“Should be a role model”, must be able to listen”, “takes responsibility”, “inspires confidence” and “does not put himself at the centre” – these were the audience’s opinions on the introductory question of what a good manager is. But was that always the case? How has leadership changed over the years? And what “new” qualities does a manager need in times of increasing digitalization and globalization?
On the evening of January 29, 2020, Munich Business School’s business lecture “Leading in the Digital Age” invited interested participants to discuss leadership competencies as well as challenges and changes for managers in the digital age.
In her keynote lecture, MBS Professor Ellen Schmid presented various styles of leadership and the resulting leadership qualities throughout the ages: from the belief that leadership is innate and can be exercised in an authoritarian manner exclusively by men, to the concept of transactional leadership with rewards and punishments, to the transformational leadership of the 1980s, which still provides important impulses today. Transformational leadership is defined as a leadership approach in which the common corporate vision and no longer the interests of each individual are in the foreground. The leadership personality acts as a role model and motivates its employees by showing them appreciation and trust. Leadership expert Ellen Schmid stressed that the change in leadership over time is often due to changes in external circumstances. Our digital age, she said, also involves numerous changes to which managers have to respond. Many people feel insecure due to rapid change, greater networking and a changed workload, and feel a need for security and responsibility. The principle of responsibility is reflected in the concept of Servant leadership. A servant leader assumes responsibility, but remains in the background and instead empowers his or her employees. The focus is no longer only on the effectiveness and well-being of the company, but also on the needs of the staff.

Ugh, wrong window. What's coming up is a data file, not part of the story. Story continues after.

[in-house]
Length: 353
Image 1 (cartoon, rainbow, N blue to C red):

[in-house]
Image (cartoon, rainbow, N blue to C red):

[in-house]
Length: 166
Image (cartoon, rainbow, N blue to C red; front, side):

The about 50 participants took a positive view of the research overview and discussed in the plenum which styles of leadership are reflected in certain corporate structures such as start-ups or family businesses, as well as their own leadership qualities.
After the presentation, the participants had the opportunity to talk about their own leadership challenges in mixed groups. In a 30-minute workshop, they were asked to describe the challenging situation to their group members and then to gather ideas in the group on how the situation could be improved. The aim of the exchange was to ensure that each person took at least one concrete step in their challenge.
After a conclusion in the plenum, the participants used the easy-going atmosphere at the MBS for networking and further exchange.
Many thanks to all visitors and especially to MBS Professor Ellen Schmid for the inspiring lecture!